This past year has continued to challenge us as a region, a state, and a country in ways that no one could have anticipated, from once-in-a-lifetime snowstorms to an unusually rainy summer. Through it all the Texas Hill Country has given us a steady stream of comfort, resilience, and inspiration. Those of us who have the privilege of calling this place home found that in moments of great difficulty, our spirits could find peace beside a spring-fed creek, if only for a moment. In tumultuous times, the reliable and unwavering night sky was there to comfort us at the end of each day.
However, with a rapidly growing population and increasing development coming into the region, many of these special qualities are at risk of being lost. Each year the Hill Country Alliance (HCA) holds a photo contest encouraging photographers to capture images of the Texas Hill Country they would like to protect forever – from sprawling rural landscapes to starry night skies. Between March and May, HCA received over 400 entries in the 2021 Hill Country Photo Contest from amateur and professional photographers alike. Submissions, ranging from the sprawling wildflowers to persistent flowing rivers truly captured this year’s theme – Solace and Strength: Portraits of Resilience in the Texas Hill Country.
The four winning photographs were selected by a panel of judges and are featured – along with other top shots from the contest – in HCA’s popular Texas Hill Country Calendar, available now for purchase. For the fourth year, the public had the opportunity to view the photo contest entries and vote for their favorites. The 2021 People’s Choice recipient, William Shelton, received a cash prize and a photo feature in the 2022 calendar for his image titled Bluebonnet Back Road.
Andy Heatwole captured the grand prize-winning shot, Winter Soul, in San Marcos, Texas. “The crystal-clear water of the San Marcos River is a gem of Central Texas that offers a cool and much-needed respite from the heat of summer, but winter has always been my favorite time of year to explore and photograph it,” Heatwole remarks. “Unlike the busy summer months, cold mornings on the river are peaceful and solitary. From the headwaters at Spring Lake, and all along the river as it winds through town, steam rising from the constant 72-degree water creates an ethereal world, full of beauty and mystery,” Heatwole said, adding, “For those willing to get out early and brave the winter chill, scenes like this one at Rio Vista are waiting to be experienced and photographed.”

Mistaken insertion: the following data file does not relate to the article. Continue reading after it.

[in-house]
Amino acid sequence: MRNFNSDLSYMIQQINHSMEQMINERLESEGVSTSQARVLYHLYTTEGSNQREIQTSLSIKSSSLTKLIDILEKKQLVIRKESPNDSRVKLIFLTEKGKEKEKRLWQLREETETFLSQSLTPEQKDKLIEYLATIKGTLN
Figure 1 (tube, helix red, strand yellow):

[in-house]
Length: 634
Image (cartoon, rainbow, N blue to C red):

Alicia R. Paparo earned first place with the photo Red Longhorn – photographed in Blanco County, the Texas Longhorn has long been a symbol of strength and resilience for Texas. A breed of cattle originating from Texas, the famous wide horns and strong stature of the longhorn is a living representative of the perseverance that has always been at the heart of our home.
Taking second place, Jeffrey Gladden’s Trough Visitor captures a familiar face stopping by for a quick drink. Often preferring the quieter regions of Texas to forage and hunt, the shy gray fox is one of the many common wildlife sightings you may find at a trough or watering hole. Did you know that the gray fox is arboreal and can climb trees? It’s only one of two canines that have adapted to be able to do so, with cat-like retractable claws and a long tail for balance!
The third-place photo, Calleta Silkmoth Caterpillar, was captured by David Winchester. This blue-speckled caterpillar is munching away on a Cenizo, or Texas rain sage, which is a popular native host plant for these creatures. After it merges from its cocoon, it will become a gorgeous black and red silkmoth with an impressive 3- to 4-inch-wide wingspan. The Calleta Silkmoth is just one of many magnificent insects that thrive alongside us in the Texas Hill Country.
In addition to these photo contest winners, the Hill Country Alliance would like to recognize the following contestants whose photography is featured in the 2022 Hill Country Calendar:
You can enjoy all these photos and much more in the 2022 Hill Country Calendar, available for purchase now on the Hill Country Alliance website. HCA’s annual Texas Hill Country Calendar features stunning photography from the prior year’s photo contest, highlights the beauty of the region, and provides an informative resource on Hill Country conservation. Now in its 14th year, the Hill Country Alliance hopes their annual photo contest and calendar will inspire residents to learn more about the environment and biology of the Texas Hill Country and to become involved in protecting the natural resources of this special region.
The Hill Country Alliance is a nonprofit organization whose purpose is to raise public awareness and build community support around the need to preserve the natural resources and heritage of the Central Texas Hill Country. Visit us at www.hillcountryalliance.org.
Leah Cuddeback, Storytelling and Public Engagement
Hill Country Alliance